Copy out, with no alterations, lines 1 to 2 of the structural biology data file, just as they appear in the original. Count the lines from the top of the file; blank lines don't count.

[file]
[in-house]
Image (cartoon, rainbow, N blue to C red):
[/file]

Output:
[in-house]
Image (cartoon, rainbow, N blue to C red):